To be sure, a big-enough emergency coupled with ‘enlightened self-interest’ could prompt Berlin to take grand steps towards the political and fiscal enmeshment the euro demands because if the eurozone fails Germany will suffer too. Debtor countries and other creditor countries could determine the destiny of the eurozone, not just Germany. No euro user, including any debtor one that might toy with leaving approaches Germany’s pivotal position to determine the currency’s fate. Even amid sporadic crises, the eurozone could stumble along as an incomplete currency union for decades yet. Germany has no intention of pulling out – the euro serves as a useful foil for German troubles and keeps German exports more competitive than would a return to the Deutsche mark.
It’s just that, if need be, German policymakers will find it hard to win their population’s assent to take watershed steps to secure the euro. While Berlin can only take a minimalist approach towards the euro, the currency’s future will never be guaranteed.
Miserably equal once
Yanis Varoufakis was finance minister of Greece for six months in 2015 during the “worst clashes” of the euro crisis between Athens and Berlin. Varoufakis recalls a German official tried to dissuade him from insisting on debt relief for Greece by mounting an argument that Germany is rich because, the official said, the “majority of its people are poor”. “On this last point, he was right,” says Varoufakis.
Two reasons have boosted inequality in Germany since the 1990s but more in regards to the distribution of wealth than the distribution of income. Germany’s government estimates the Gini coefficient that tracks income inequality has risen from 0.26 in the 1990s to 0.29, not a massive change but the direction is clear. The major concern is the coefficient of wealth stands at 0.74, which means that the wealthiest 10% of the population own 50% of the wealth. The OECD estimates the richest 10% of Germans own 60% compared with an OECD average of 52%.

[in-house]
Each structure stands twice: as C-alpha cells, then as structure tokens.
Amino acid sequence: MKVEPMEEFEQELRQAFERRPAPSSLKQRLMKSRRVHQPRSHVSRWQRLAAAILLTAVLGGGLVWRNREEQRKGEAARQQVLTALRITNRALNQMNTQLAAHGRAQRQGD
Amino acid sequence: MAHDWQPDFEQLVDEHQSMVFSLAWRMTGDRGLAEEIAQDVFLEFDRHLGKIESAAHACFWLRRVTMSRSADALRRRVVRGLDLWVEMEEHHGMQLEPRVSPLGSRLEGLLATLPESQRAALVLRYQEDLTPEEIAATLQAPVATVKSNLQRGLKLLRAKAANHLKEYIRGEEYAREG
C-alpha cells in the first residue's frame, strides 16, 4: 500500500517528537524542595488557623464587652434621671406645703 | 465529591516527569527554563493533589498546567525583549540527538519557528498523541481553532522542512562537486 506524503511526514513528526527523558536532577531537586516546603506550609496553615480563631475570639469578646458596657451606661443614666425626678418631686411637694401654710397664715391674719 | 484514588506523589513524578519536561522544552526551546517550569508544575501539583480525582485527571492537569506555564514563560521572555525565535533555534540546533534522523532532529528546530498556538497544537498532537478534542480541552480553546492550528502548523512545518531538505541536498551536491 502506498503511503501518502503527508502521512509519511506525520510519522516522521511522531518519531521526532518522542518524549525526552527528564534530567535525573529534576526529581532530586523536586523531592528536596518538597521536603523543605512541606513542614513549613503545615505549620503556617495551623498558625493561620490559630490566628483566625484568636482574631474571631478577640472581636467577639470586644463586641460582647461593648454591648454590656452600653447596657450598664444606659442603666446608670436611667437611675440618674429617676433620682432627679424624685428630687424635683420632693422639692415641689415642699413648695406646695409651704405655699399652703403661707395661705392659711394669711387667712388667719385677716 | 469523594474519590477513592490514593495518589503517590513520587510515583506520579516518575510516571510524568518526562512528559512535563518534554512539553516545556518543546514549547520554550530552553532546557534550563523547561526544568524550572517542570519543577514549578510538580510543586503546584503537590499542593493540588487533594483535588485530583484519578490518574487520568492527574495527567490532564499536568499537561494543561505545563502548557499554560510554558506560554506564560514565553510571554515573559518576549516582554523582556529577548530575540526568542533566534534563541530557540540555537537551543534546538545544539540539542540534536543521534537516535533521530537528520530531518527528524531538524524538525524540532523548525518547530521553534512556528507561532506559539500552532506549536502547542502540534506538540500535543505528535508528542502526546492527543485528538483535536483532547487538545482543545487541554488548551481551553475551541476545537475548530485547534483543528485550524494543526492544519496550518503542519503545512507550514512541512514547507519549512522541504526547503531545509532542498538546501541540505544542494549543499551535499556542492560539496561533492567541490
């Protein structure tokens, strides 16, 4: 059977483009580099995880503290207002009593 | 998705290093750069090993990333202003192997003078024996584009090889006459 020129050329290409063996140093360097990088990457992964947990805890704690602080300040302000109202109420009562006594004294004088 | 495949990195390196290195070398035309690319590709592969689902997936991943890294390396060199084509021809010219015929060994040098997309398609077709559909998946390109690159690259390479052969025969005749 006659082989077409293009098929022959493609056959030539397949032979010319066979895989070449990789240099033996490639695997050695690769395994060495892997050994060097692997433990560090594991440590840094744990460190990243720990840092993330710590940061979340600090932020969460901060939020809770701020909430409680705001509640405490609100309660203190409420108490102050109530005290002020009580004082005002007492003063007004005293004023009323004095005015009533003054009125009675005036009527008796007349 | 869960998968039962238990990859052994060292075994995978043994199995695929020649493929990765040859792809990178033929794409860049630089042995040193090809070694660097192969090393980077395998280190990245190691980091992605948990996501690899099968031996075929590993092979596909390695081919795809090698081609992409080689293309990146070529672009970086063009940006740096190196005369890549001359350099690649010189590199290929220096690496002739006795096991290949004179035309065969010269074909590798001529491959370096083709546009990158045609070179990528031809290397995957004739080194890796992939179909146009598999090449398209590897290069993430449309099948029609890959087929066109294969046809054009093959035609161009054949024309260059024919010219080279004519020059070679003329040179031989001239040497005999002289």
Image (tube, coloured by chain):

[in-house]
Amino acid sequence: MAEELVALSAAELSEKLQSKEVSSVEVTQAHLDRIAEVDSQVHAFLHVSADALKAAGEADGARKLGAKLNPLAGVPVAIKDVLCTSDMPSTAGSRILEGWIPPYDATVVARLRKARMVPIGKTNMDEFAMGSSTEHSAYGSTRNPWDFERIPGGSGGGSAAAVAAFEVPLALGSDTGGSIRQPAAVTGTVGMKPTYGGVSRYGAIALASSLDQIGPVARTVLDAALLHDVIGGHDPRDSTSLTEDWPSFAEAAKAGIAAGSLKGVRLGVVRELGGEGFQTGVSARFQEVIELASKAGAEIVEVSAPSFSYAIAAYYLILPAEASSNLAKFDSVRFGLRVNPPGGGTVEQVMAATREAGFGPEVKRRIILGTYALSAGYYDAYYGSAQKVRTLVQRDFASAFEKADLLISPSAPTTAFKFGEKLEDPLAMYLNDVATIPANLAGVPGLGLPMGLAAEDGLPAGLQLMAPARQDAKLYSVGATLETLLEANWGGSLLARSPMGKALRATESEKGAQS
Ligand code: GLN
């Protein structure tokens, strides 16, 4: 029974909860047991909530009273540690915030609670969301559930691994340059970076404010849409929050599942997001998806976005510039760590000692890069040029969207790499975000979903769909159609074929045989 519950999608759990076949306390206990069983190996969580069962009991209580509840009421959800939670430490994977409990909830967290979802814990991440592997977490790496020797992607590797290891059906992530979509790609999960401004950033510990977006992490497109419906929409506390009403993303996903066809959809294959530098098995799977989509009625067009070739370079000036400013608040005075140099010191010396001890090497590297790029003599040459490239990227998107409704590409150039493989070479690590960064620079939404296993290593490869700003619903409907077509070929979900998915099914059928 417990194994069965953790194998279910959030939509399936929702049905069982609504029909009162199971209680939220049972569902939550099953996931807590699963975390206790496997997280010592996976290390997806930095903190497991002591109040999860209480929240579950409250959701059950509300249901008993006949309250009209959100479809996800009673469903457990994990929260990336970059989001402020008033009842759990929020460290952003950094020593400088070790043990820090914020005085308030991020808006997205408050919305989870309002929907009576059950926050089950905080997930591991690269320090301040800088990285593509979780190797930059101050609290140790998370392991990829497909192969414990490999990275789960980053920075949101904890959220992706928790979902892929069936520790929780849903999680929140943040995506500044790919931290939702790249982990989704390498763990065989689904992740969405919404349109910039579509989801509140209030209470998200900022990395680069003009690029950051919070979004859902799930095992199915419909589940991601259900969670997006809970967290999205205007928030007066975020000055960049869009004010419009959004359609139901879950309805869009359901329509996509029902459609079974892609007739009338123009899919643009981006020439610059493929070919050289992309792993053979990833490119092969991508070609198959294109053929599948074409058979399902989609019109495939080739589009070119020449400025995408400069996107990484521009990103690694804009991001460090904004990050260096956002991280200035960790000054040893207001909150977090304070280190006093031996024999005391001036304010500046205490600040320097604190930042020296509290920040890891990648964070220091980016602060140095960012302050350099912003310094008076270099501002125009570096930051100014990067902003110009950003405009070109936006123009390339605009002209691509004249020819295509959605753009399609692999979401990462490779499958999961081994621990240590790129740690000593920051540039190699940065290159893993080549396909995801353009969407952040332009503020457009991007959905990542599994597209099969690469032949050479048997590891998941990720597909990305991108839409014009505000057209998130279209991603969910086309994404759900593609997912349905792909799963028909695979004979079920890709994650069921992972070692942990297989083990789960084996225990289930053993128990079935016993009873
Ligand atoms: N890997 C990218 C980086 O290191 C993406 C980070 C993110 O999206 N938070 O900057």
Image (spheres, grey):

Much of the rise in German inequality traces to the fall of East Germany in 1989. The only successful revolution in German history meant a country of little inequality, albeit impoverished, adopted the capitalist system whose dynamism boosts inequality. In East Germany, everyone had a place to live, even if divorced couples were forced to stay together and married couples were stuck with in-laws. The concept of unemployment did not exist, even for those the Stasi blacklisted for work. Now the homeless roam the streets and the jobless rate always exceeds that of the former West Germany. On one view, East Germans have traded surveillance and hardship for freedom and a higher standard of living that is unequally shared.